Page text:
Local Magic: Creating Magic in Your Locality

What type of earth magic exists where you are? What is the local nature of air, fire and water? How do you make magic with the living forces all around you – not as they appear in books, but as you see and experience them when you step outside your front door? Every locality has its own flavours, energies and secrets… and when we work our magic and ritual in alignment with our locality we enter deep into the earth’s living magic.

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Wattle Magic for the Solstice

What is the seasonal magic in your location?

In the Blue Mountains, where I live, seasons are very pronounced by the colours around us.  We have an interesting mix of native and imported trees and the blend between the two creates bright palates in among the steady grey-greens of eucalypts, tree ferns and native grasses. Earlier, in spring the tea-tree blossoms were so prominent in places it was a sea of white with their pinky-red centres and when they began to give way the gum trees put out sudden new growth; all their tips that danced in the breezes looking red in the sunlight; it felt like I was watching the shift from spring into early summer in that colour change.


When I look out my window now there's bright yellow wattle blossoming, even though winter is only just beginning. The trees across the street that were bright red six weeks ago are now bare twigs. Often the mists blanket all of this, so yesterday I just saw muted yellow globes of the wattle through the softened white cloud that the house stayed wrapped in all day. We've moved from the red and orange of European trees in autumn to this yellow-and-white of Australian wattle and mist.

The sulphur crested white cockatoos are getting more personal, a few days ago when I was sitting on the veranda one screeched overhead but then wheeled around and flew by so low and clear it was practically in the veranda with me, offering another screech as it flew by. White and yellow again, perhaps they are the colours of winter, here. 

We’re close to the winter solstice and misty white with splashes of yellow seems perfect. There’s a story I tell about white cockatoos; that it was their screeches that ripped the sky open to let the light in, back at the beginning of time. The coming of light; the winter solstice. An explosion of light with gold at its centre, like the birth of the sun. And the wattle blossoms are like tiny suns, glowing and fuzzy and unrepentant in their timing. There’s a narrowness in that colour spectrum that intrigues me as I get ready to go travelling again and as I consider my return.  

What might wattle magic be? Traditionally wattle shows spring is coming. Perhaps it’s early this year with the unseasonably warm patch of weather we’ve just had and doesn’t realise we haven’t had winter yet. I’m packing up, getting ready to go to the other side of the world and another summer but part of my heart stays here, sinking into cold and winter, contemplating what’s important to me, when I’ve already let go of most things.

What I miss in my life is a magical group; I keep setting them up and then moving. When I’m part of a group that’s working magic together it forms a structure for me. It’s a creative and personal focus, a way to dive deep both into magic itself and also my journeys within. A magical group of the committed, ongoing type would be like yellow wattle blossoms for me; a bright focus amongst the mists of the everyday and unremarkable. And I can’t achieve it without being seen – putting myself out there as noticeable and drawing attention, just like the wattle.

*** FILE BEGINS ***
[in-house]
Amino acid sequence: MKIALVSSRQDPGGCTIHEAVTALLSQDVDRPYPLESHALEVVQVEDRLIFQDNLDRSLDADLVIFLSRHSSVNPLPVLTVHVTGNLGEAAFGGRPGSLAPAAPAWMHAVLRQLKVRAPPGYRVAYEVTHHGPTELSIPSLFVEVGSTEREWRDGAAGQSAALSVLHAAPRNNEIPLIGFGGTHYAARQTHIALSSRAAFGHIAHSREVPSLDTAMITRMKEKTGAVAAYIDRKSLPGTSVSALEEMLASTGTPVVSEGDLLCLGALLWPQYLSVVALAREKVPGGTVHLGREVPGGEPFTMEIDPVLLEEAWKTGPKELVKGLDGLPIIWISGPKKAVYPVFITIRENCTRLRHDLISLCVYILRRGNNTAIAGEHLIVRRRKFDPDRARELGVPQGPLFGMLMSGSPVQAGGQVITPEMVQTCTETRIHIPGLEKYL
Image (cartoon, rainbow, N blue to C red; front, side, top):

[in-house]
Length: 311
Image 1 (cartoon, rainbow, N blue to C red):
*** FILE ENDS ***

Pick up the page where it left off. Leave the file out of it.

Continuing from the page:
It requires commitment and that’s where I’ve been hesitating. It’s beautiful where I live – the birds, the trees, the mists and mountains and valleys – but I feel that I’ve landed here almost by accident. There are other places I have fiercer loyalties to and I’ve wavered, content to live on the edges of this place and uncertain that I want to create yet another belonging, to another place that I’ll also leave. But perhaps that’s the way of it. The seasons turn and we’re carried along by them; I’ve been here from  Beltaine through to Samhain and now it’s nearly winter. I made sure I’d be here for the Winter Solstice, though I’m getting on a plane two days later. Somehow it was important to me to be here for that turn, that moment.

At the winter solstice light begins to increase and we interpret that as a new year beginning. I’m going to be here for the new year, for the wattle moment of sun bursting through the greyness. If I work wattle magic, if I respond to the local magic I’m immersed in simply by living here; by walking these paths, living with these birds and trees, breathing this air and watching these patterns of moonlight and sunlight in my sky I’ll be concentrating on what is born after everything’s fallen away; whether it’s fallen away through autumn and winter or through me moving and letting go and arriving somewhere new, that I’m not committed to yet.

So I’m going to go outside and pick a piece of that wattle and bring it in. I’ll put it on the altar and see what happens.

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Jane Meredith is an Australian author and ritualist. Her books include 'Journey to the Dark Goddess', 'Aspecting the Goddess', 'Rituals of Celebration' and 'Circle of Eight: Creating Magic for Your Place on Earth', about Local Magic. Jane's latest book, co-edited with Gede Parma is 'Elements of Magic: Reclaiming Earth, Air, Water, Fire & Spirit'. Jane offers workshops and distance courses and also teaches in the Reclaiming tradition. She is passionate about magic, myth and co-created ritual, as well as rivers, trees and dark chocolate.


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